So how’s the tour been going so far? Have you been stoked with the response to the newer songs that audiences haven’t heard play live before?
Yeah, a hundred percent. That was kind of the pandemic and anxiety in a way because we shifted the way the set sounded off such a long time during that period. We didn’t get any of that physical real-life feedback. It was just short mentions that ‘Wish To Exist’ was number in Australia and the UK. That’s a pretty good sign that people are streaming the songs. When you play the show and you see people singing along it’s the real thing, it’s a totally different experience. I can tell you this is massively reassuring. We were just in Germany and we played some of the biggest shows we ever played. There were a lot of new fans and the crowd wanted to hear the new stuff, which, like I said before, this deep into your career when you’re ten albums deep and people want to hear the new stuff, it’s not very common. People want to hear the band’s oldies, but goodies, the classics, but fortunately we’ve been able to keep evolving in a way that has kept us fresh and kept people interested in what we’re doing now rather than what we’re doing in the past. So that’s been a blessing for us.

Does the reaction to some songs and not others at live shows from gig to gig or country to country surprise you?
Yeah, a hundred percent! The weirdest one to be honest in that respect, when you tour Europe, because every day you’re in country, so you can be in Poland, then Prague, then Italy and randomly certain songs will just explode in the set. Sometimes others which are a hit will be quieter. It’s part of the fun, right? After my brother died I began writing lyrics as well. The experience of stepping on stage, hearing and seeing crowds sing along to songs that I’ve written is a massive trip for me. It’s still such a buzz. I feel like a kid would feel when they’ve written the first song that people know. I think that that sort of greenness if you like, the nativity at this stage has been really great. It’s injected this massive sense of excitement to what we do again.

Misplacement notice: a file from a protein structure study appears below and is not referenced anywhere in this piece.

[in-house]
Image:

Having ten albums now how much of juggle is it getting the balance of the set list right?
It’s not really a problem for us, but we know it’s impossible to not disappoint some people. We’ve been out playing twenty three, twenty four songs. I don’t see any of our peers playing sets that length. I can’t think of a single band that we’re associated with that plays for over two hours and yet we still will receive some complaints. That’s part and parcel. That’s life, isn’t it? That’s the internet as well, you just can’t avoid that. It’s nice for us to have so many songs to pick from. I was going through our discography not too long ago and concluded that we concluded we could probably do two sixteen song sets where I don’t think there would be a dull moment.

Two albums in two years is a nice purple patch. Is this the most creative the band has ever felt?